It’s hard to imagine the landscape of American cinema today had Charles Burnett’s student thesis film, Killer of Sheep, never received a theatrical release. Made in 1977 on a budget of less than ten thousand dollars, this achingly intimate but scrupulously unsentimental portrait of a black working-class family living amid the urban blight of Watts, Los Angeles, was not produced with the intention of reaching a wide audience. Over the decades, the film steadily gained a critical following through occasional screenings, and by 1990, the Library of Congress’s National Film Registry had selected it as an important title for preservation. But it wasn’t until the 2007 premiere of a new restoration, assembled from fading 16 mm prints, that Killer of Sheep stepped into its belated spotlight.
The intervening decade has not made it much easier to see some of Burnett’s other important works, including the 1990 masterpiece To Sleep with Anger, a bluesy, tonally intricate drama that mines the tension between a middle-class South Central family and an interloper from its Old South past. This week, the film is enjoying its return to the big screen in a new restoration, and its shades of magic realism offer a chance to admire Burnett not just as a poetic urban realist but as a masterful interpreter of African-American folk culture. Alongside the upcoming rerelease of Julie Dash’s Daughters of the Dust, this revival marks a moment of renewed visibility for the renaissance of black filmmakers that emerged at UCLA in the seventies, a movement that film scholar Clyde Taylor has called the “LA Rebellion.”
Before kicking off a week run of To Sleep with Anger at the Film Society of Lincoln Center last Friday, Burnett joined us for a conversation about his formative years at UCLA, his love of documentary pioneers Basil Wright and Joris Ivens, and how his encounters with international cinema inspired him as a filmmaker of color.
What moviegoing experiences first made you realize you wanted to be a filmmaker?
I was working part-time at the downtown library, and there was a big movie palace nearby called the Los Angeles. I would go in there just to sit in the chairs, relax, and look up at the vaulted ceilings. They would sometimes play music, like the soundtrack to For Whom the Bell Tolls. I started going there to watch movies on the big screen. I had wanted to be a photographer, but then I realized I could maybe be a cinematographer instead.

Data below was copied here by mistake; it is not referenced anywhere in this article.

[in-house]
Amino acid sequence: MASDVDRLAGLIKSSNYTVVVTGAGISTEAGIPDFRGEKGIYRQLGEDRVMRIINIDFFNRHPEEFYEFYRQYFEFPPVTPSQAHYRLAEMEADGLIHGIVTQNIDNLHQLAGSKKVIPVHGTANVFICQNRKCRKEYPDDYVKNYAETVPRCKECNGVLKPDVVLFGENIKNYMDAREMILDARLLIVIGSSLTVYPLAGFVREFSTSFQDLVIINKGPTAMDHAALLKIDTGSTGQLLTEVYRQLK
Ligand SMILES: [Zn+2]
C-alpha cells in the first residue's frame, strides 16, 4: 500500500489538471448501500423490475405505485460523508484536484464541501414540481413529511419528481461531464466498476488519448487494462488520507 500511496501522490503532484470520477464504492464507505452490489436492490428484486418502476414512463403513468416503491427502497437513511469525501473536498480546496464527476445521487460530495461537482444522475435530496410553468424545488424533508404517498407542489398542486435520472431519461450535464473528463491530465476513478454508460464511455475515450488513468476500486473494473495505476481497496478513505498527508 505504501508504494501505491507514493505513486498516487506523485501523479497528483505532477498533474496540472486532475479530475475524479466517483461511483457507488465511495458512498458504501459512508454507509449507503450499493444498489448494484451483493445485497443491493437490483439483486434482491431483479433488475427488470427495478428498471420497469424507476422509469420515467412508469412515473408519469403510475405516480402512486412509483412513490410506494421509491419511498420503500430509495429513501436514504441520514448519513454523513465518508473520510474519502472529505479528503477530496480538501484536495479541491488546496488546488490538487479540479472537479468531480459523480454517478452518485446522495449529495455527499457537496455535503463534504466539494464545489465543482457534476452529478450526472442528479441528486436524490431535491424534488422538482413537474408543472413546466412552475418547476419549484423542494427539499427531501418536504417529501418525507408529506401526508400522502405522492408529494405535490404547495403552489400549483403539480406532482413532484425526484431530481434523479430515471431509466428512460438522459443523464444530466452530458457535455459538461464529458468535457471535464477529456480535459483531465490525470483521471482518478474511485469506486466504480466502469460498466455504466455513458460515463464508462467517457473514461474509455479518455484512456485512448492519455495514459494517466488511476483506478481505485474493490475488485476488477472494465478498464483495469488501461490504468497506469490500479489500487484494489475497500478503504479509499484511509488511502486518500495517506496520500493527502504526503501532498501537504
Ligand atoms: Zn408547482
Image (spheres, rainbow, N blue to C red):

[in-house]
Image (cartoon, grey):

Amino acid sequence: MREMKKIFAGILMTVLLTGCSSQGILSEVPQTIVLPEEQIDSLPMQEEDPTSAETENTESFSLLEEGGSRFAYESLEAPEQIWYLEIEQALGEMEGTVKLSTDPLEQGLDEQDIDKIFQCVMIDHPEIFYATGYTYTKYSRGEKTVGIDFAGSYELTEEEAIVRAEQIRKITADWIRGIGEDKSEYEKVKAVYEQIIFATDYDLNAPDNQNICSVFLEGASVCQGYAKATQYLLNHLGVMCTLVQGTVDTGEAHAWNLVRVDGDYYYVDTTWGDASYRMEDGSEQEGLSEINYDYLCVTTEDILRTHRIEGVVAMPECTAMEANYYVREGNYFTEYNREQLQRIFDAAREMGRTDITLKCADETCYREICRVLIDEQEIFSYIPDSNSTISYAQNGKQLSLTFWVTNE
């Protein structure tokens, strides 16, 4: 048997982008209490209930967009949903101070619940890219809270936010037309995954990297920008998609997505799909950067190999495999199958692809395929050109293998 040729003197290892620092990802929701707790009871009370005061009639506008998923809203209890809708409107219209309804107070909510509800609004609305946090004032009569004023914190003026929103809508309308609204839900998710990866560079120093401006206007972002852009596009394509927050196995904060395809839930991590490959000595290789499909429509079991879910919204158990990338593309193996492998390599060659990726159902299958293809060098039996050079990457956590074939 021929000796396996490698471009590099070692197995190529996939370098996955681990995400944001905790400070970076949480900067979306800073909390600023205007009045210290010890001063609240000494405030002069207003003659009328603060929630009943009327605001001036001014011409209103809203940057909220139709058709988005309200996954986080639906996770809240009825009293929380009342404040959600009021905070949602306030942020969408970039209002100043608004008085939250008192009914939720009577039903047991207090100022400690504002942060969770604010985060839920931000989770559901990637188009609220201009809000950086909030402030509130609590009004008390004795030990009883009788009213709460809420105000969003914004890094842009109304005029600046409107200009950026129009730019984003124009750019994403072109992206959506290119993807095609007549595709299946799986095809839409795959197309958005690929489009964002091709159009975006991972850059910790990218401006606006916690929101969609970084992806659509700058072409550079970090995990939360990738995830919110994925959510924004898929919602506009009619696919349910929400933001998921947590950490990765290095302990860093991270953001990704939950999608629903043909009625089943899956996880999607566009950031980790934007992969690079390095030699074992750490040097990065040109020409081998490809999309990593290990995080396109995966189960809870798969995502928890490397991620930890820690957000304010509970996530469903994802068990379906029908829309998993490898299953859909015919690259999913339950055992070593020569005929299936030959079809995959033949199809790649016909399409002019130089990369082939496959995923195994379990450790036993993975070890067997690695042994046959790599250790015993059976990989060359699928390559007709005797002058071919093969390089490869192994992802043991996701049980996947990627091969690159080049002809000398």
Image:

I lived close to USC, so I went there to visit, but the people there told me I had to enroll first before I could apply for a grant. I tried to explain that I needed the grant before I could enroll. It was the usual catch-22 of Hollywood—in order to be an actor, you have to be in the union, but to be in the union, you have to have a part . . . When I called up UCLA, they told me to come on over. Tuition was something like fifteen dollars!
Do you have any memories of Professor Elyseo Taylor, who is often credited with creating the conditions that made UCLA a great training ground for filmmakers of color in the seventies?
Before Taylor, there were only a few students of color in the film department. UCLA had a wonderful ethos. If you wanted to be an artist, you went there; if you wanted to work in Hollywood, you went to USC. You could make personal films at UCLA, but it was all about collaboration, so the filmmakers became very close. Elyseo Taylor introduced an ethnocommunications program, and he brought in a number of Native Americans, Latinos, Asians. I was a teaching assistant in that program, and I saw how provocative he was. He often had conflicts with other departments because he had gotten funding for the best equipment, which none of the other departments could share. He also started a film and social change department and invited a lot of people to come through, like Ousmane Sembène.
Didn’t King Vidor and Josef von Sternberg also visit?
Yes, but I wasn’t as interested in those guys because I didn’t know who they were at the time. I took classes with Basil Wright, who was a visiting lecturer, and he was really instrumental for me. He showed us his film The Song of Ceylon and some films by Robert Flaherty. It was in his class that I became a big fan of Joris Ivens, and years later I got to meet Ivens and his wife at the Flaherty Seminar—definitely one of the high points of my life.